Stackley said the process dragged out for several years because unraveling NMCI was an incredibly complicated task, since the Navy had limited visibility into how its own IT network was structured. He said one of the main benefits of NGEN will be to make future competitions easier to conduct.
“You cannot underestimate how difficult it is to make the transition from a contractor-owned, contractor-operated, 400,000 seat network, to a government-owned, hybrid network,” he said. “Now that we’re there, we have a far greater flexibility to compete services on that network.”
The Navy structured NGEN so that it’s comprised of more than three dozen defined IT “services.” HP will perform each and every one for now, but the Navy says it reserves the right to recompete any or all of them down the road if it’s unhappy with the performance of any individual part of the network.
Officials have scheduled 13 months for the transition period from NMCI to NGEN. They estimate that once the process is complete, the Navy and Marine Corps will be saving around $1 million over five years compared to its costs under the NMCI contract.
But Victor Gavin, the Navy’s program executive officer for enterprise information systems, said average users shouldn’t see any change at all during the transition.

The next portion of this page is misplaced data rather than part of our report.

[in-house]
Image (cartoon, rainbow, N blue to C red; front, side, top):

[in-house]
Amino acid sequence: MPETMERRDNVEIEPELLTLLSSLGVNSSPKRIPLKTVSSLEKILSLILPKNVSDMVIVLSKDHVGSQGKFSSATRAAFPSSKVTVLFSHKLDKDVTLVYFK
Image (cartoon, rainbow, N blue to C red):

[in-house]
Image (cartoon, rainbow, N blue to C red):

“Our requirement, not just our goal, is that as we transition into NGEN, the process is transparent to the user base on the front end,” he said. “On the back end though, we do believe that because of the flexibility we brought into this contract, we’re going to have a much greater opportunity to transition to the latest IT technologies, and do it in a cost-wise manner. We also think we’ve postured ourselves to be aligned with the new and emerging security requirements that are going to be coming along.”
Marine Corps transitioned on June 1
For the Marine Corps, much of the hard work toward the NGEN transition is already done. The service officially transitioned on June 1 to a fully government-owned and operated network.
“I don’t think I came into work that day because it was a Sunday, but our Marines really didn’t see any difference,” said Brig. Gen. Kevin Nally, the Marine Corps’ chief information officer. “The only difference we’ve seen is that instead of dialing a 1-800 number for help, we send Marines or civilians or HP people to put eyes on the problem and see if we can fix it. The commandant’s guidance to me several years ago was that he wanted every Marine to have the same service he personally gets. The perception throughout the Marine Corps is that’s now starting to happen.”
For the Navy, contractors will handle routine maintenance functions on the network, but high-level command and control decisions will be made by the Navy’s Fleet Cyber Command.
“Brig. Gen. Nally has already made a tremendous transition. The Navy now has to take some of the processes and workforce we’ve put in place and take over some of the command and control responsibilities,” said Rear Adm. Diane Webber, Fleet Cyber Command’s deputy commander. “We hope we’ve adopted a ‘rip-the-Band-Aid-off’ approach so that we can get through it as quickly as possible so that we can move on to day-to-day operations, not in a transition state, and then begin to look at where we go next.”